It is easy to add new sources to 1Feed, and while you are limited to the two folders in free mode, it is possible to add as many feeds as you want to the service. Most web-based feed readers impose limitations on free users. Feedly for instance limits sources to 100 for free users. The service's smallest commercial plan, called Pro, increases the limit to 1000 for $6 per month and includes a number of other benefits.
1Feed beats the price and even does not impose a limit for free users in regards to the number of feeds they may keep track of. 1Feed could become a popular choice for developers, marketing, or social media enthusiasts, as it makes may make it easier to follow certain users or projects.
If you are looking for a simple yet effective web service, you may want to give 1Feed a try.
Now You: how do you follow your favorite sites, people and projects?
Basic as you said is way too minimal.
Paid version will be out of the average joes’ and josies’ pay grade.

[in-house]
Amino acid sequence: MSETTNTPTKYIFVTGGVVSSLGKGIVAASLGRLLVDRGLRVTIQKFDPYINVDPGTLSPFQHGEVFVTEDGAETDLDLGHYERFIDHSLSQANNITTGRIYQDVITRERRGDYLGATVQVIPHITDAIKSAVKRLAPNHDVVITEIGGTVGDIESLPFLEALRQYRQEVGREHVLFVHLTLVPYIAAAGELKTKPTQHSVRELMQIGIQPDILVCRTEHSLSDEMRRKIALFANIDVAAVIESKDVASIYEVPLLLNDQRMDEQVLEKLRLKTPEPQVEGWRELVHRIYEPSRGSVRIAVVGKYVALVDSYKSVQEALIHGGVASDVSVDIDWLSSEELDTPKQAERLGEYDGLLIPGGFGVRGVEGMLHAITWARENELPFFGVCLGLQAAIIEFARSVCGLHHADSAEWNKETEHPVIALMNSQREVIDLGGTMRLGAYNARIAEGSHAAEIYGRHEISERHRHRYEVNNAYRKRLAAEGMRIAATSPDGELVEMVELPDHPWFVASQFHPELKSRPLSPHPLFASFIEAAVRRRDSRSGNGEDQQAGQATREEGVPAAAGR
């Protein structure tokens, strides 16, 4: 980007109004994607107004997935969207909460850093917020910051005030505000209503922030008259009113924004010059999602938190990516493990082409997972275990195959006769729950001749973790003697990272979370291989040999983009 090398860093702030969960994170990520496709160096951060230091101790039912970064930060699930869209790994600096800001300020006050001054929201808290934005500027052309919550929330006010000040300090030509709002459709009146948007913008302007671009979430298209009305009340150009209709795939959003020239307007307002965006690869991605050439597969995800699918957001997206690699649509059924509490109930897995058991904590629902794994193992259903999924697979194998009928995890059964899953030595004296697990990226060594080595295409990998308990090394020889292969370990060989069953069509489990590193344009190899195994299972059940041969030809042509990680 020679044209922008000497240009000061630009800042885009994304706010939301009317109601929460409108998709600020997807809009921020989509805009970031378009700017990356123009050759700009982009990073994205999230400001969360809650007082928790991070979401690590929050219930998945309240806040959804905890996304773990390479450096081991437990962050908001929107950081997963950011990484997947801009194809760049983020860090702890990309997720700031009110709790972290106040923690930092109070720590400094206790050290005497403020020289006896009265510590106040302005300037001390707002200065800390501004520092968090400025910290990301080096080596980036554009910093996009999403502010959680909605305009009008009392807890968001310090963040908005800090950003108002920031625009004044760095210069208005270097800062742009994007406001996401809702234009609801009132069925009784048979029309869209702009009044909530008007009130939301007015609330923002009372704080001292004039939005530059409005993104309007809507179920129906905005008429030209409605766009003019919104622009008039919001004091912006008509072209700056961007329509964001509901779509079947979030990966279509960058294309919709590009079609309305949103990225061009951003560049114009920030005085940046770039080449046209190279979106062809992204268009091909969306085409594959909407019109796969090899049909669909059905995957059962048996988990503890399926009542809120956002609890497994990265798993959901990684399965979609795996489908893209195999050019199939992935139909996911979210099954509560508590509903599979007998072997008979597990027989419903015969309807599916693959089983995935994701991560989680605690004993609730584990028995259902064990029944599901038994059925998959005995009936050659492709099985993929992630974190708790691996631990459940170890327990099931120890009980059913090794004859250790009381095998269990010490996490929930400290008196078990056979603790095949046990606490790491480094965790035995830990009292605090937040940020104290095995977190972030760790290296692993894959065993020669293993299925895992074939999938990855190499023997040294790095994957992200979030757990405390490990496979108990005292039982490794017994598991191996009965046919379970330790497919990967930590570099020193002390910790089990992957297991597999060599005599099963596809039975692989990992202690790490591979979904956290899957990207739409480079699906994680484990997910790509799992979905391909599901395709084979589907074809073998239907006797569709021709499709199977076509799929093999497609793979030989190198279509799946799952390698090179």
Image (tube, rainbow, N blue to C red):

I came here hoping for a nice alternative to feedly, which while nice, limits your number of feeds on the free tier to where it is just barely usable for me. To my horror, I see the service in this article is even more restrictive. Ugh, well that’s a huge pass from me. There is no way I would consider more than, oh, $20 a year for a service like Feedly or 1Feed, and yet they both want a lot more than that. Shame.
Take a Look at inoreader If you want. It basically fills all my needs in the free tier.
@Zu – I switched to InoReader a few months ago. I’m still on the free tier (limit of 150 feeds), and there are several things I like better than Feedly. The lowest paid tier (limit of 500 feeds) is just $20/year.
Eight year user of BazQux Reader ( bazqux.com )
Nice mobile web interface, and also still can use the old (2015) IOS app Mr. Reader.
Anyone looking for a more advanced feed reader should look at Inoreader. It’s been around since the Google Reader days and follows the same basic principle of feeling more like an email client than a social news feed. It comes in at $20/year for the basic subscription (includes 500 feeds), though there are a ton of extra advanced features if you pay more.
And yes, it does have the ability to follow subreddits, Facebook pages, Twitter accounts, and Google News feeds as subscription.
Sorry for sounding a bit market-y here, it’s not generally my style but Inoreader has been enormously helpful for me as a tech professional and seeing kiddie toys ike 1Feed get attention over it is frustrating.